"Phew, that felt good."
"Wow, 30 seconds goes by real fast."
"I actually really needed this."
A few weeks ago, with your anger about harassment and bullying you've experienced at work — and the advice you'd give your younger self about what you don't have to put up with. And you all were ready to vent! You sent us stories about sexism and racism, physical harassment and psychological abuse, from bosses and co-workers male and female alike. Some of you were thinking back on things that happened to you decades ago; some of you are right in the middle of figuring out how to deal with a bad situation.
One thing was clear —lots of you feel like you haven't been able to talk about this before . So this week, we're bringing you a supercut of your stories, and your anger. Let's rage.
If you're currently dealing with harassment or bullying at work, click for a list of resources you might find helpful.
And for even more rage, check out today's new episode of the podcast —it's a special episode devoted specifically to workplace anger.
Special thanks to SassyBlack for composing original music for this episode. You can find more of her work .
Pull Quote: Plunging In
Happy new year! We've got a special treat for you today.
You may have heard that we've been working on an experiment, a new mini-podcast series called Pull Quote. The episodes are short audio gems that we've dug up from our archives and from elsewhere.
This week, we're sending our first batch of episodes to those of you who've donated to support the show. But as we start the this new year together, we thought we'd share the first Pull Quote with all of you: some words of wisdom about beginnings from writer Jamaica Kincaid.
We’ve had a lot of fun making these, and it's not too late to sign up to hear them all. If you want to hear the other Pull Quote episodes we’ve made, . We’ll email you a special link every morning for a week where you can listen in. Plus, you'll get to tell us what you think about this Pull Quote series and whether we should make more.
Thanks so much to those of you who've given money and supported our show. We really appreciate it. Look out for a new episode from us later this week.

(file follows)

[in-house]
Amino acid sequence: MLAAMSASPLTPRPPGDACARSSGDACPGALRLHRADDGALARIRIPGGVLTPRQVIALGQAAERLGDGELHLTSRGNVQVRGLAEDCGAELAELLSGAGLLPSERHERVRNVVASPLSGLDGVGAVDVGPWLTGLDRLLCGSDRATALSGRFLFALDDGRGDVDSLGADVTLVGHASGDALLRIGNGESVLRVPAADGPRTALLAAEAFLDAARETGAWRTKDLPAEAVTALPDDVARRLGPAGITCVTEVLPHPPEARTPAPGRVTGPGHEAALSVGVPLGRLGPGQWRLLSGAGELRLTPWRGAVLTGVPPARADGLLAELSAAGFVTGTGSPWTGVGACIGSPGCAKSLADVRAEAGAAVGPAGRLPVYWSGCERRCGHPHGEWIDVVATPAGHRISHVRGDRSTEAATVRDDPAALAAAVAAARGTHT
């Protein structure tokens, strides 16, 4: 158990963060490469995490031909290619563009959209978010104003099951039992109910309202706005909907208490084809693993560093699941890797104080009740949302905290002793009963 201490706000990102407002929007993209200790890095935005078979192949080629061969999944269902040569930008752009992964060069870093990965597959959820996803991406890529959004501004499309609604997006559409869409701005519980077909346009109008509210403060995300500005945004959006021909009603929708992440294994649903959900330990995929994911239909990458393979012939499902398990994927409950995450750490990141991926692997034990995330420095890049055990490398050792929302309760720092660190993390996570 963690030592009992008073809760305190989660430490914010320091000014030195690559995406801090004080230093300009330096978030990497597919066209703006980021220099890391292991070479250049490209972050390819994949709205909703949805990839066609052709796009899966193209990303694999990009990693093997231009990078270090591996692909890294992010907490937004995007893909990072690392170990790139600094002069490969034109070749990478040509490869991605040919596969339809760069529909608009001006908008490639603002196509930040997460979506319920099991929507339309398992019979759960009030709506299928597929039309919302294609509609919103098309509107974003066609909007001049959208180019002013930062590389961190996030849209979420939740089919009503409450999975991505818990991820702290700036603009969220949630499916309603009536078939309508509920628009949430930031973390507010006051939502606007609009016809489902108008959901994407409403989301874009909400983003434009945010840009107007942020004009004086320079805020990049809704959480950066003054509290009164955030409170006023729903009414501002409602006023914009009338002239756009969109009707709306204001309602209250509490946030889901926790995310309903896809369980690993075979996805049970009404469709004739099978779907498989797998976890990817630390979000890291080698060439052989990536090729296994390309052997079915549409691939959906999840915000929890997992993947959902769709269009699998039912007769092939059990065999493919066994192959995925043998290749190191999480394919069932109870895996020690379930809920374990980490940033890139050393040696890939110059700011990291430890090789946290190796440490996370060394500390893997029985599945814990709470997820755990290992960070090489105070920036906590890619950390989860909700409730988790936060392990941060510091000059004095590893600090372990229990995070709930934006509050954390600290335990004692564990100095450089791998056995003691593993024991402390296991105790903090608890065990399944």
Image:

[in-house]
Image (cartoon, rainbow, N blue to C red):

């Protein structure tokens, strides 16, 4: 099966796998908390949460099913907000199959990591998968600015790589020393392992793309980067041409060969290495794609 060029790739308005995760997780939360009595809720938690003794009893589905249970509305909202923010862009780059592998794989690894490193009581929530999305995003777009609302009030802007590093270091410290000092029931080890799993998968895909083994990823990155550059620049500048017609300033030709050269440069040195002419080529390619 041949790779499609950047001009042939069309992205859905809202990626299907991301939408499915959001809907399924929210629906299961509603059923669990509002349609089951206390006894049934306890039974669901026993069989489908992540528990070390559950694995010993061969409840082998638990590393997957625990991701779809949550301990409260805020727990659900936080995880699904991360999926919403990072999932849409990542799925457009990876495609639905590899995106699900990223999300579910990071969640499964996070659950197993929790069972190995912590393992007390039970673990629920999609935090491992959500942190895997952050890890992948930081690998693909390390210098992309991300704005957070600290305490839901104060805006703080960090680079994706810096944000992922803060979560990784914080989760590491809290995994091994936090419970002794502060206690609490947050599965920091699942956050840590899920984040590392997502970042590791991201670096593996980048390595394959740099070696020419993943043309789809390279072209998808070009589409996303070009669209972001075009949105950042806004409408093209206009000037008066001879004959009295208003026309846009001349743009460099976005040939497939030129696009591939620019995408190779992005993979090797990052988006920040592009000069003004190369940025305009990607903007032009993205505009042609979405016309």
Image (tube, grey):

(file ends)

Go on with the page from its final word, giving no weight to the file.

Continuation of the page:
Special thanks to composer and sound designer Hannis Brown for his scoring work on our Pull Quote series.
I Felt Like The Story Had To Change: Life After Heroin
When my friend Danielle was in high school, she was hanging out in her hometown of Merrick, Long Island, going to punk shows and fighting with her mom—like a lot of teenagers. But when she was 19, her mom died, and Danielle's experimentation with drugs and alcohol really accelerated. By the time she was 25, she was using heroin daily. She says that in some ways, her mom's death gave her a justification for using. "It sounds horrible to say, but I remember when my mom passed me kind of feeling a sense of relief," she told me. "I was like, oh, I finally have my thing. I have my baggage that I've been looking for."
I met Danielle when we were both in our late 20s. At that point, Danielle was about a year sober. We're close, but in the years since we became friends, I'd never talked in detail with her about that earlier time in her life. So I asked her if I could interview her about her heroin addiction and the process of getting sober. I also wanted to know how she thinks about it now—especially as she's preparing to become a first-time parent and go through childbirth with a medical history that makes things more complicated. "On the first visit with the midwives I told them I don't want them to prescribe me anything addictive or any opiates, if we can get around it," she told me. "If I do get prescribed something then I won't hold that bottle. I'll have my husband give me the pill."
Looking back, Danielle says she's acutely aware of how differently her story could have gone. Following another year of record overdose deaths in the U.S., Danielle says that she reads the stories of people who die from addiction, and it's an uncomfortable experience. "I see myself in them," she told me. "I'm not better than any of those people. I don't have a stronger constitution. I'm not more moral. I'm not smarter. I'm not anything. I just happened to hear a message, and was able to follow up and take steps and do some work and make this change."